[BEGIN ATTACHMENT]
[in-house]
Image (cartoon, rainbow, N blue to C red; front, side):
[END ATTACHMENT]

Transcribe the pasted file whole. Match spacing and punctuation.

[in-house]
Image (cartoon, rainbow, N blue to C red; front, side):